Lambeth Lecture: Lessons from the Covid Crisis

For more information on attending the lecture via Zoom, visit UNC Public Policy’s page

The departing secretary of the N.C. Department of Health and Human Services, Dr. Mandy Cohen, will discuss “Emerging from the COVID crisis: What Have We Learned, and Where Do We Go from Here?” for UNC’s 13th annual Thomas Willis Lambeth Distinguished Lecture in Public Policy on March 23.

The lecture — open at no charge to the public — is set for 5 p.m. in Hill Hall’s Moeser Auditorium.

Cohen is an internal medicine physician and nationally recognized public health expert with extensive public sector experience in senior leadership positions at the state and federal level. Most recently, she served as the secretary of the N.C. Department of Health and Human Services from January 2017 until December 2021. Cohen led and was the face of North Carolina’s COVID-19 response for Gov. Roy Cooper, participating in more than 150 press conferences. Her leadership and the state’s coronavirus response have been lauded for its focus on equity, data accountability and transparent communication. Cohen also led the transition of North Carolina’s Medicaid program to managed care and received national recognition for its innovation and its focus on whole-person care and the nonmedical drivers of health.

In March, Cohen will join Aledade, the leading primary care enablement company, as executive vice president and will serve as the chief executive officer of Aledade Care Solutions, the company’s new health services unit. Prior to her leadership in North Carolina, Cohen served as chief operating officer and chief of staff at the U.S. Centers for Medicare and Medicaid Services, helping to implement the Affordable Care Act’s health insurance exchanges and innovative new payment models.

Cohen has been elected to the National Academy of Medicine and currently serves as an adjunct professor at UNC’s Gillings School of Global Public Health. A graduate of Cornell University, she received her medical degree from Yale School of Medicine as well as a Master’s in Public Health from the Harvard School of Public Health. She trained in Internal Medicine at Massachusetts General Hospital.

The lecture series, presented by UNC’s department of public policy, is named for the 1957 UNC graduate and former executive director of the Z. Smith Reynolds Foundation. It was endowed in 2006 to bring to campus distinguished speakers who are practitioners or scholars of public policy, particularly those whose work addresses education, ethics, democratic institutions and civic engagement.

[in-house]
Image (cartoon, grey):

Lambeth served as administrative assistant to then-Gov. Terry Sanford ’39 (’46 LLBJD) and to then-U.S. Rep. Richardson Preyer. Later, for more than two decades, he was executive director of the Reynolds Foundation. During his tenure, the foundation awarded grants totaling more than $260 million to address many of North Carolina’s most pressing policy issues, particularly social justice and equity, governance and civic engagement, education, community building and economic development, and protection of the state’s natural environment.

Lambeth is a recipient of the GAA’s Distinguished Service Medal, the University’s Distinguished Alumnus Award and the Davie Award for service to UNC. He is a past chair of the GAA Board of Directors. He now chairs the GAA-sponsored Tar Heel Network, which supports the University’s goals and priorities through advocacy with legislators, and he serves on the GAA Board of Directors.

As of Aug. 15, 2019, there is a flat $1 weeknight fee for many campus parking lots that were free previously, in effect from 5 p.m. to 7:30 a.m. Monday-Friday. (No fee applies for the weekend, Friday at 5 p.m. through Monday at 7:30 a.m.) These weeknight fees can be paid using the ParkMobile app, the Parkmobile website or with a credit or debit card or four quarters at a designated weeknight pay station. Pay lots and meters operate as usual during weeknight hours. For more, visit


Dr. Cohen is married to Sam Cohen, a health care regulatory attorney and senior vice president for health policy at Curi. They have two daughters, ages 7 and 10.

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